Aliens seeking asylum must prove they have suffered past persecution or have a well-founded fear of future persecution because of their “race, religion, nationality, membership in a particular social group, or political opinion.” 8 U.S.C. § 1101(a)(42)(A); id. § 1231(b)(3)(A); Ratnasingam v. Holder, 556 F.3d 10, 13 (1st Cir.2009). Aliens seeking withholding of removal must meet a higher burden of proof; they must show that it is more likely than not they will suffer persecution because of a protected ground. Datau v. Mukasey, 540 F.3d 37, 42 (1st Cir.2008).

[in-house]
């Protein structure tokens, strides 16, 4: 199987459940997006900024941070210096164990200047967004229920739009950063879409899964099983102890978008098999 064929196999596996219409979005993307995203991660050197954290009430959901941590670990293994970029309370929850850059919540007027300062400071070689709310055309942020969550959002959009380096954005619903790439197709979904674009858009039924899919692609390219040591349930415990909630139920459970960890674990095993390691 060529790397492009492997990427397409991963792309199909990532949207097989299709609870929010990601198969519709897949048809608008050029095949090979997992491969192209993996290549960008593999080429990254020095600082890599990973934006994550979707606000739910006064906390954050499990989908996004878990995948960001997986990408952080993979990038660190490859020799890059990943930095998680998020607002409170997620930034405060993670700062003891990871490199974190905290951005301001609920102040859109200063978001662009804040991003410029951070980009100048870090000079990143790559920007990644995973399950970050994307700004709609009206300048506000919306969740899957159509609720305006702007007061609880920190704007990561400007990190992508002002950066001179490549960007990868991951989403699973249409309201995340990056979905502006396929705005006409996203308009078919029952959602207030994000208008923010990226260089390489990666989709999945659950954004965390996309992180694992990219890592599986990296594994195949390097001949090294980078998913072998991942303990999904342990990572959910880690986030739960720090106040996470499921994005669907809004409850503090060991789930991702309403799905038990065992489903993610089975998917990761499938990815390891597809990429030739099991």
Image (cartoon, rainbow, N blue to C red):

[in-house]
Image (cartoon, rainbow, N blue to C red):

Faye seeks asylum and withholding of removal based on two protected grounds, religion and membership in a social group. She specifically claims membership in the social group, “women who had a child out of wedlock/are considered adulterers because they gave birth to a child allegedly not their husband's/have been abused by their husbands.” The Immigration and Nationality Act does not define “social group,” and the term is unclear. See In re C-A-, 23 I. & N. Dec. 951, 955-57 (B.I.A.2006) (describing disagreement among courts and the United Nations). We therefore show some deference to the BIA's interpretation of the term.